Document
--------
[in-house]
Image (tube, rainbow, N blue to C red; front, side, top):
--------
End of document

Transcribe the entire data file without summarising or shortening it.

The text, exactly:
[in-house]
Image (tube, rainbow, N blue to C red; front, side, top):